ATTITUDE OF PROLETARIAT TO MIDDLE PEASANTRY.
LENIN'S REPORT TO EIGHTH CONGRESS OF RUSSIAN COMMUNIST PARTY (EXTRACTS). [Petrograd Pravda, Apr. 5, 1919.]
It is quite clear that the following question is fundamental, very complicated, but no less vital: How to define exactly the attitude of the proletariat to the middle peasantry. Comrades, for Marxists this question does not present difficulties from the theoretical point of view, which the overwhelming majority of workmen have now acquired. I recall for example that in Kautsky's book on the agrarian question written when Kautsky still correctly presented the teachings of Marx and was recognized as an unquestioned authority in this field, in this book on the agrarian question he speaks of the passing from capitalism to socialism:
"The task of the socialist party is the neutralization of the peasantry; that is, to handle the situation so that the peasantry remains neutral in the struggle between the proletariat and the bourgeoisie, that the peasantry does not give any
active assistance to the bourgeoisie against us." During the long period of the bourgeois rule the peasant has always supported the bourgeois authority and was on the side of the bourgeoisie. This is understandable if one takes into account the economic strength of the bourgeoisie and the political methods of its rule. We can not expect the middle peasant to come over to our side immediately. But if we direct our policy correctly, then after a certain period hesitation will cease and the peasant may come over to our side. Engels, who, together with Marx, laid the foundations of scientific Marxism, that is, of the doctrine which our party follows constantly and particularly in time of revolution - Engels already established the fact that the peasantry is differentiated with respect to their land holdings into small, middle, and large; and this differentiation for the overwhelming majority of the European countries exists to-day. Engels said: "Perhaps it will not be necessary to suppress by force even the large peasantry in all places." And no sensible socialist ever thought that we might ever apply violence to the middle peasantry (the smaller peasantry is our friend). This is what Engels said in 1894, a year before his death, when the agrarian question was the burning question of the day. This point of view shows us that truth which is sometimes forgotten, though with which we have always theoretically been in accord. With respect to landlords and capitalists our task is complete expropriation. But we do not permit any violence with respect to the middle peasant. Even with respect to the rich peasant we do not speak with the same determination as with regard to the bourgeoisie: "Absolute expropriation of the rich peasantry." In our program this difference is emphasized. We say: "The suppression of the resistance of the peasantry, the suppression of its counter-revolutionary tendencies. " This is not complete expropriation.
The fundamental difference in our attitude toward the bourgeoisie and toward the middle peasantry is complete expropriation of the bourgeoisie, but union with the middle peasantry that does not exploit others. This fundamental line in theory is recognized by all. In practice this line is not always observed strictly, and local workers have not learned to observe it at all. When the proletariat overthrew the bourgeois authority and established its own, and set about to create a new society, the question of the middle peasantry came into the foreground. Not a single socialist in the world has denied the fact that the establishment of communism will proceed differently in those countries where there is large land tenure. This is the most elementary of truths and from this truth it follows that as we approach the tasks of construction our main attention should be concentrated to a certain extent precisely on the middle peasantry. Much will depend on how we have defined our attitude toward the middle peasantry. Theoretically, this question has been decided, but we know from our own experience the difference between the theoretical decision of a question and the practical carrying out of the decision. We have come to that difference which was so characteristic of the old French revolution when the French Convention made wide plans but did not have the proper support to carry them out and did not even know on what class it should rely in order to put through this or that measure. We find ourselves in a much more favorable condition. Thanks to a whole century of development we know on what class we rely and we know also that this class has had a quite inadequate amount of practical experience. The fundamental thing for the working class, and for the socialist party, was clear - to overthrow the authority of the bourgeoisie and turn over authority to the workmen.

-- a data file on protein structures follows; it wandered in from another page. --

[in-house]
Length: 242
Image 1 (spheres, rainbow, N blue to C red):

But how to accomplish this? All remember with what difficulty, and after how many months we passed from workmen's control to workmen's administration of industry, and that was development within our class, within the proletarian class, with which we had always had relations. But now we must define our attitude toward a new class, toward a class which the city workmen do not know. We must define our attitude toward a class which does not have a definite steadfast position. The proletariat as a mass is for socialism; the bourgeoisie is against socialism; it is easy to define the relations between two such classes. But when we come to such a group as the middle peasantry, then it appears that this is such a kind of class that it hesitates. The middle peasant is part property owner and part toiler. He does not exploit other representatives of the toilers. For decades he has had to struggle hard to maintain his position and he has felt the exploitation of the landlord-capitalists. But at the same time he is a property owner.